Originally published: 3 October 2019
Author: Eithne Shortall
Published by: Corvus
Page count: 400
Reading dates: 29 September- 4 October 2019
Set on idyllic Pine Road in Dublin, this is a story of a group of middle-class neighbours, friendship and what goes on behind closed doors. The story starts as a new family move onto the road which of course gets the curtains twitching…
Martha, her husband Robert and two daughters are the mystery family who have moved to Pine Road under mysterious circumstances having been forced to leave their previous home after a robbery left them traumatised.
Also new to the road is Robin who has moved back in with her mum Carmel, bringing her 4 year old son Jack with her. Robin was one of the “it” girls at school but after getting involved with Jack’s dad Eddy, who was involved in lots of dodgy dealings, she has decided to start again with a clean slate.
Edie aspires to the perfect life – she desperately wants a baby with husband Daniel, wants to be accepted and liked by her neighbours. She can’t understand why Daniel is so reluctant to start a family.
The three women become friends and gradually secrets are revealed.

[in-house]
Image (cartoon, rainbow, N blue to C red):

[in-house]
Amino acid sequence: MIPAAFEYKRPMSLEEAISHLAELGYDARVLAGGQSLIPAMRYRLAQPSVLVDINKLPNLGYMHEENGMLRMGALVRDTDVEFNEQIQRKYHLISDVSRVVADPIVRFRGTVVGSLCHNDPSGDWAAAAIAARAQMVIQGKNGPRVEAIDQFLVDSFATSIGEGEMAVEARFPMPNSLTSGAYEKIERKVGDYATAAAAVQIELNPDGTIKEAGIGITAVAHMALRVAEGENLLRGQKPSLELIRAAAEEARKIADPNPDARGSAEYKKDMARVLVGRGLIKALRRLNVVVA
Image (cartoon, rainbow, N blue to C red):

Not the sort of book I would describe as a page turner, I enjoyed this nevertheless. I always looked forward to picking it up again and returning to the Pine Road dramas and happenings.
There were a lot of characters in this book (mostly women) and although we mostly focus on Martha, Robin and Edie, the author is talented in bringing the other characters to life, despite them having very little page time. The Pine Road Poker WhatsApp group, in just a few lines of text really makes you feel like you know the women! Some of the conversations really made me laugh – I really warmed to the residents.
A few discoveries and secrets are revealed along the way and I was sorry to see this entertaining read end.
Many thanks to Readers First for sending me a copy for this book.
About the author:
Eithne Shortall studied journalism at Dublin City University and has lived in London, France and America. Now based in Dublin, she is an arts journalist for the Sunday Times newspaper. She has been a committed matchmaker from an early age and, when not concerning herself with other people’s love lives, enjoys sea swimming, cycling and eating scones.
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